Back in 2018, as a bid to put an end to the truck drivers’ strike that brought Brazil to a near standstill, the government proposed a series of measures to appease truckers. One was a reference price table for cargo transportation, establishing minimum rates for driving shipments around the country. As The Brazilian Report has already shown, the measure is becoming something of a Trojan horse—entrepreneurs do not like the price table as it has made products more expensive, while truck drivers are incensed that they are unable to charge the rates required by the law.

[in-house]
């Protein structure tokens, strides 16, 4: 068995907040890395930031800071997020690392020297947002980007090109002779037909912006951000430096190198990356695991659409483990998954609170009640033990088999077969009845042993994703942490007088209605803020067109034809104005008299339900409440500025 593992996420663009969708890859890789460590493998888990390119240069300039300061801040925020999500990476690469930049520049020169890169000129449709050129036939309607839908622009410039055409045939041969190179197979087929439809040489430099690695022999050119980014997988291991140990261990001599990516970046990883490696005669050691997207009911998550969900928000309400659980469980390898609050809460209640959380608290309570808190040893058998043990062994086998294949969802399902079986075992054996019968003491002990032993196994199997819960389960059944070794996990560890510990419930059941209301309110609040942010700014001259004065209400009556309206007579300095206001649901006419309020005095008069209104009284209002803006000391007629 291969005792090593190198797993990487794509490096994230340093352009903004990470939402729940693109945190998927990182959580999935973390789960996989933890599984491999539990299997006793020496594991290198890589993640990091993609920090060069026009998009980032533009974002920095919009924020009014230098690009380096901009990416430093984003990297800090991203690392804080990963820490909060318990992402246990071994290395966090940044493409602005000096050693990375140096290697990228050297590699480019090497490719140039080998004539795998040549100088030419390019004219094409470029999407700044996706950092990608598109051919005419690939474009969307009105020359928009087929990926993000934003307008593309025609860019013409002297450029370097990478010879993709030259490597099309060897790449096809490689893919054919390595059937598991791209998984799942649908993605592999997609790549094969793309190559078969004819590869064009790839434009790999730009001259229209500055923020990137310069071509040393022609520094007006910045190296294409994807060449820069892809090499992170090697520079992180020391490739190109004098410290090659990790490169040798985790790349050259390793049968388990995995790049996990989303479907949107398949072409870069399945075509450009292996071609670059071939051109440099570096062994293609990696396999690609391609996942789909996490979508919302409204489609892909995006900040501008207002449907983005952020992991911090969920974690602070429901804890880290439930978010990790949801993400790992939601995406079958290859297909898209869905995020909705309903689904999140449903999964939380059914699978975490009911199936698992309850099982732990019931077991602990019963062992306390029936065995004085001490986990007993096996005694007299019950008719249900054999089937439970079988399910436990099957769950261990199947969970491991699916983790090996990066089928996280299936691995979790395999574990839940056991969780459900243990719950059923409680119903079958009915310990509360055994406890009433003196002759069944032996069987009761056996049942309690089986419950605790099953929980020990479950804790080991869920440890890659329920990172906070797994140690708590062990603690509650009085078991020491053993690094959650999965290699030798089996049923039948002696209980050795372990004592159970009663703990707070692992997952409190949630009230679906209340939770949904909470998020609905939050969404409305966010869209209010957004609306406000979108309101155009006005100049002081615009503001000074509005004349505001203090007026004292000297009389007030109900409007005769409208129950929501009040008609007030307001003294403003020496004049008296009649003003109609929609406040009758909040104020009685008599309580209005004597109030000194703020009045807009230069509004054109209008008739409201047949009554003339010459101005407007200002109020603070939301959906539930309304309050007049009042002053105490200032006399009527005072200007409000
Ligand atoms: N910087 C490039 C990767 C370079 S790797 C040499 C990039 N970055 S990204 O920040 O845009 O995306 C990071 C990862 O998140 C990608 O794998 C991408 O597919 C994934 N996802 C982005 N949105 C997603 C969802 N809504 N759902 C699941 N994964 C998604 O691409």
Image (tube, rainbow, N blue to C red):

A study by the National Transport Confederation showed that truck drivers do not believe the objectives of the 2018 strike have been achieved, and that the minimum price table doesn’t go far enough to cover the main costs of cargo transportation, such as fuel and vehicle maintenance. To avoid another strike, the federal government has now decided to bump the rates on its reference tables.